About 4 billion credit card offers were mailed out to Americans last year, more than any year since 2007 and almost triple the number sent out in 2009, according to analysis from Synovate, a market research firm. The Boston Globe indicates this may be a sign of relaxed lending policies from some of the nation's leading banks.
Synovate's report indicated that on average, only 4 in 1,000 mailings resulted in a response. Still, based on the number of offers sent, this represents approximately 16 million credit card applications.
The Globe says the increase in offers for credit cards is a sign of improving economic conditions, and those who were denied credit cards a year ago are more likely to get them now. TransUnion, one of the three leading credit reporting agencies, said that in the third quarter of 2011, 54 percent of cards were issued to people who had less than perfect credit. Ezra Becker of TransUnion told the Globe: "There is no question that lenders are going back into acquisition mode."
The two banks that increased their marketing efforts the most were Chase and Citibank. The offers mailed out by those two companies alone accounted for half of all offers sent out in the fall. Synovate estimated they doubled their mailings in the last year.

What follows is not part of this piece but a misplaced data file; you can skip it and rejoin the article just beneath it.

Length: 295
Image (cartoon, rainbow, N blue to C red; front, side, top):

Credit card issuers base their renewed faith on declining unemployment and the lowest rate of credit card delinquency in more than a decade. Marketing efforts have attempted to sway credit-shy consumers with offers of cash back rewards, airline miles and promotions such as zero percent interest for extended periods and even no balance transfer fees for new cardholders.
While consumer advocate groups told the Globe they are concerned about these offers enticing consumers to sign up for cards and debt they can't afford, it appears most people are simply throwing the credit card offers away.